“The way people treated her, to be very high school about it, was like she was the school slut and he was the school quarterback,” says New York Times critic Wesley Morris in the documentary. “He essentially weaponizes the video for one of his singles to incriminate her in the demise of their relationship.”
Timberlake’s press tour for his solo album seemed to revolve almost exclusively around his former relationship with Spears and the rumors he kept stoking, even while playing coy. He was questioned by Barbara Walters for 10 minutes about his heartbreak; Spears, meanwhile, was cruelly grilled by Diane Sawyer about how she “caused [Timberlake] so much pain” and then accused of being a bad role model.
Role model is an interesting concept in the context of this particular celebrity story as, while Spears was being slut-shamed, Timberlake continued talking about the relationship for years, when it was convenient to draw attention to his career.
Most shocking to see replayed in the documentary all these years later are the times he crudely discussed their sex life. "Did you fuck Britney Spears?" he was asked in one interview. "OK, I did it,” he replied, laughing hysterically. In another he was asked about having “oral intercourse” with her. “I did it. I’m dirty,” he said.
It’s pretty gross behavior, then or now. The collective disgust from Spears fans after being reminded of it in the documentary happens to be timed with what’s become an annual tradition of Timberlake backlash. In recent years, #JanetJacksonAppreciationDay trends on social media every February to remind us of how she was sexistly thrown under the bus and had her career derailed following the infamous #NippleGate controversy at her Super Bowl halftime show with Timberlake.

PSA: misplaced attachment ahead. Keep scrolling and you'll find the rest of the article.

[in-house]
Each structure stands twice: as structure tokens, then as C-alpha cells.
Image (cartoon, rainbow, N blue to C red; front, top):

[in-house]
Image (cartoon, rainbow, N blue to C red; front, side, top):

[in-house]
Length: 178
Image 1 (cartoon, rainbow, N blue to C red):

There are parallels drawn between the ways Timberlake allowed both Spears and Jackson to be villainized and punished by the media and the music industry while his own career progressed. After so much time, he still has not taken satisfactory responsibility for his complicity in how the women were treated.
All of this is fair. But watching Framing Britney Spears transported me back to how I—and, likely, all of us—behaved at the time. When the “Cry Me a River” video came out and seemed to put Spears on blast, I gasped with delight at the salaciousness of it all. When he spilled those tawdry details about their sex life in those interviews, I ate it up. I am as big a Britney fan as they come, and I still felt that way! It was juicy!
We were, and in many cases, still are gossipmongers, and we were eating good. Of course Timberlake hasn’t been held accountable yet, because we haven’t yet held ourselves accountable. That’s not an absolution of how he handled himself. It’s a condemnation of ourselves, too.
I think that’s at the heart of what the #FreeBritney movement is about. It’s about justice for the people who deserve it, but it may be even more about demolishing harmful systems. It’s about time.
Update: On Friday, Timberlake posted a note on his Instagram apologizing to both Britney Spears and Janet Jackson, saying, "I care for and respect these women and I know I failed." See his full post below: